Thursday, 13 February 2014
Does free coffee in the supermarket foster loyalty?
Supermarket chain Waitrose has described the traditional points-based loyalty schemes of rivals such as Tesco as ‘meaningless’. Customers, they say, derive little value from collecting points over time.
Instead, Waitrose claim they’re all about affinity and creating a social hub for the local community. Under their My Waitrose scheme customers are eligible to collect a free cup of tea or coffee every day and, if they spend more than £5, a free newspaper. The result is that Waitrose now brews around one million cups of free coffee a week.
According to Mark Price, Waitrose MD, speaking to Marketing Week : “We want to say to our customers ‘welcome to our shop, have a cup of coffee, read a newspaper, we’ll look after you’”.
If my local Waitrose is anything to go by, the offer is mostly taken up by individuals who pop in to claim their free coffee, buy some ciggies and pick up a free newspaper before decamping to their local Aldi. Whereas the target yummy mummies seem to be too preoccupied dealing with little Hugo and Jemima, wrestling with a trolley and/or buggy to want to hold a Styrofoam cup of hot coffee as well.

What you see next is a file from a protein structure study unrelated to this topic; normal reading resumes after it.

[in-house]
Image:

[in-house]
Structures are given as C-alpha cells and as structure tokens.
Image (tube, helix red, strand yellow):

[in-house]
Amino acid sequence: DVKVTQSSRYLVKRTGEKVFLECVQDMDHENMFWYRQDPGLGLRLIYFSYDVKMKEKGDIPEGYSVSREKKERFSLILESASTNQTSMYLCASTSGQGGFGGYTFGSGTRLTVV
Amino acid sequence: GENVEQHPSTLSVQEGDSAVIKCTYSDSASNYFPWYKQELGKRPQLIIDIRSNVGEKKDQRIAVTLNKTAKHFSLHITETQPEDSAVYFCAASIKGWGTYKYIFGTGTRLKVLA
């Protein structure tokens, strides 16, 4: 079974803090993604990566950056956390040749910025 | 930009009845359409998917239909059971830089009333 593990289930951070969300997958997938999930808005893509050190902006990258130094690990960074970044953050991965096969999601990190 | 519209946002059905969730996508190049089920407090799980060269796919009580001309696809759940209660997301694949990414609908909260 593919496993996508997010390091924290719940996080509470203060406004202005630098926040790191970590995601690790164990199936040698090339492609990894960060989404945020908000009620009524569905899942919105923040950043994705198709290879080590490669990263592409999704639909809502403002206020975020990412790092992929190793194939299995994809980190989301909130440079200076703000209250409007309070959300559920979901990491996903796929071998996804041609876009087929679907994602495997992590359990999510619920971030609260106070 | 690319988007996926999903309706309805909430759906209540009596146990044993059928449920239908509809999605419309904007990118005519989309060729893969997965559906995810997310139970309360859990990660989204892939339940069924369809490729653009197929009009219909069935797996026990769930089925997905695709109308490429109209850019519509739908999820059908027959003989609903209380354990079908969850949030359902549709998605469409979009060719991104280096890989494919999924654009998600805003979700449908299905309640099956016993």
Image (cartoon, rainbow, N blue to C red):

Waitrose say they have no problem with this. I’m not so sure. I admire their distinctive approach in stepping aside from the competition and their desire to create a better shopping experience (I’ve argued for this recently in my piece on short-term sales growth v loyalty). But I do wonder whether they have missed something in the execution.
Would it not have been wise to set a spend threshold for membership of the scheme? Membership is currently unrelated to spend, hence the free coffee brigade. Setting a qualifying £5 or £10 initial spend for membership would seem to be a more commercial approach to rewarding genuine customers and creating affinity. Rather than attracting visitors who have no intention of grabbing a basket and conducting a weekly shop.
Footfall in Waitrose may be on the up and its traditional ‘posh’, and possibly inaccessible, reputation may be under question, but I wonder whether Waitrose can reasonably argue that they are fostering greater levels of affinity and brand loyalty with their target audience?
But then Waitrose might be happy being the UK’s largest purveyor of coffee. At their own expense.